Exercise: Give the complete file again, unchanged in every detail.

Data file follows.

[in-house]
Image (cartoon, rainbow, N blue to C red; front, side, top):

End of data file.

[in-house]
Image (cartoon, rainbow, N blue to C red; front, side, top):